Of all Kolkata’s enduring lores, and the city has a whole lot of them, the one that has stayed with me the longest involves a tram – or as we call it in Kolkata, a “tramcar” – and one of Bengal’s most celebrated poets. Jibanananda Das, who was hailed as Rabindranath Tagore’s worthy successor, was taking a leisurely walk one evening in 1954 , when he was hit by a tramcar. He died eight days later. As time washed away the gravitas of the tragedy, the incident assumed the stature of a lore, becoming a perfect example of an oxymoron. To be run over by a tramcar was akin to being run over by a kid’s bicycle. It was a feat to be achieved.
These snails once criss-crossed the city. Trudging by the madness of Chowringhee, whistling down the narrow streets of Kolkata. The clanging noise that the tramcar made while shifting tracks is still an integral part of the city’s soundscape. The tram lines on various roads run in the opposite direction to the flow of traffic. According to a recent report in Hindustan Times, there is a quiet but determined move to do away with these snails on Kolkata roads. Over the past few months, high-level meetings involving senior bureaucrats have been held to work out how to bring the curtains down on the 143-year-old mode of city transport.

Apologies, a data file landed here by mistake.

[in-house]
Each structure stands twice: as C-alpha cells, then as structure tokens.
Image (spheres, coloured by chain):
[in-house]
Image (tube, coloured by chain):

When ScoopWhoop News contacted Narayan Swarup Nigam, managing director of West Bengal Transport Corporation, he refused to comment on the matter. However, an official on condition of anonymity said that this might indeed be the end of the road for trams in a city desperately trying to modernise itself. “Trams are a hinderance to the flow of traffic in Kolkata. Also, they eat into the already cramped road space,” he said.
Saying goodbye to tramcars might not be that easy for most Kolkatans. And it’s not just about nostalgia. “I take a tram from my home in central Kolkata to my workplace in north Kolkata every morning. For me it’s the most convenient mode of transport. It’s hassle free and eco-friendly. If trams are phased out of my route, I will have to either take buses, which are always crowded, to my workplace or use the metro, which is quite far away from my place. A modern city should give its citizens different options to commute, not take away from the already available options,” says Nitesh Chaglani, a trader in north Kolkata’s Burrabazar.
ScoopWhoop News asked a Kolkata-based photographer, Swastik Pal, to bid farewell to one of Kolkata’s most enduring symbols.